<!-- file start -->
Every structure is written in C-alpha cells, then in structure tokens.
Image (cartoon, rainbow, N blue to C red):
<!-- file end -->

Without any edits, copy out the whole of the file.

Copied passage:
Every structure is written in C-alpha cells, then in structure tokens.
Image (cartoon, rainbow, N blue to C red):